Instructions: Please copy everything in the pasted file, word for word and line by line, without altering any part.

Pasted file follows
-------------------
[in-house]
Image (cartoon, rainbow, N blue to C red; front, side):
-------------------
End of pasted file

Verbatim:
[in-house]
Image (cartoon, rainbow, N blue to C red; front, side):